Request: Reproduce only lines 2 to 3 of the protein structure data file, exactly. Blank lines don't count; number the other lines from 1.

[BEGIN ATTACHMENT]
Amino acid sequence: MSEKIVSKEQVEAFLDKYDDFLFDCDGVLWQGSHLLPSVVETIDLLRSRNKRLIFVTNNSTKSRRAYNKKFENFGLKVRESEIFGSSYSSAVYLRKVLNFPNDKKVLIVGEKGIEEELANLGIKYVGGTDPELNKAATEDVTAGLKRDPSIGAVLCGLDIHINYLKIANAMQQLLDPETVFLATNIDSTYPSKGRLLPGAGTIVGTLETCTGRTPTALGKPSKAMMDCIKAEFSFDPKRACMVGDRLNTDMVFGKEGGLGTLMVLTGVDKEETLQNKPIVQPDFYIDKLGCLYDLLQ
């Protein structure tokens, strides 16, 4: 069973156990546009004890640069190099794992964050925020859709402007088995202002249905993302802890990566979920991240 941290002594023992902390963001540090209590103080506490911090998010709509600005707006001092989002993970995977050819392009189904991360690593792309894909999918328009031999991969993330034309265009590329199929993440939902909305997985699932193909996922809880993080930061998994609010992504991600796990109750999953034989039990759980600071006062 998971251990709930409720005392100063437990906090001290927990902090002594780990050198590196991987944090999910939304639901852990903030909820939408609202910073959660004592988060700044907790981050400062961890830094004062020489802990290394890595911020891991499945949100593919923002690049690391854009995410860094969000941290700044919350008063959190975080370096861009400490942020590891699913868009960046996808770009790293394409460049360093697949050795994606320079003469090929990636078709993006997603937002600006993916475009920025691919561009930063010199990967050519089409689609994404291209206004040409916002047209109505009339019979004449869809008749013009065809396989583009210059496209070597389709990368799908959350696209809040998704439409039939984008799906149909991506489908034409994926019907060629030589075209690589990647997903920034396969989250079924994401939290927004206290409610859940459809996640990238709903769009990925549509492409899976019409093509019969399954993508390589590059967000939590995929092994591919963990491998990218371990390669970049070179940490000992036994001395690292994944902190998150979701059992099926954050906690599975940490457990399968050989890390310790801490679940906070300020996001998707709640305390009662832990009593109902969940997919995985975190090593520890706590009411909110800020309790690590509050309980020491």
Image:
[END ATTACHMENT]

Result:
């Protein structure tokens, strides 16, 4: 069973156990546009004890640069190099794992964050925020859709402007088995202002249905993302802890990566979920991240 941290002594023992902390963001540090209590103080506490911090998010709509600005707006001092989002993970995977050819392009189904991360690593792309894909999918328009031999991969993330034309265009590329199929993440939902909305997985699932193909996922809880993080930061998994609010992504991600796990109750999953034989039990759980600071006062 998971251990709930409720005392100063437990906090001290927990902090002594780990050198590196991987944090999910939304639901852990903030909820939408609202910073959660004592988060700044907790981050400062961890830094004062020489802990290394890595911020891991499945949100593919923002690049690391854009995410860094969000941290700044919350008063959190975080370096861009400490942020590891699913868009960046996808770009790293394409460049360093697949050795994606320079003469090929990636078709993006997603937002600006993916475009920025691919561009930063010199990967050519089409689609994404291209206004040409916002047209109505009339019979004449869809008749013009065809396989583009210059496209070597389709990368799908959350696209809040998704439409039939984008799906149909991506489908034409994926019907060629030589075209690589990647997903920034396969989250079924994401939290927004206290409610859940459809996640990238709903769009990925549509492409899976019409093509019969399954993508390589590059967000939590995929092994591919963990491998990218371990390669970049070179940490000992036994001395690292994944902190998150979701059992099926954050906690599975940490457990399968050989890390310790801490679940906070300020996001998707709640305390009662832990009593109902969940997919995985975190090593520890706590009411909110800020309790690590509050309980020491």
Image: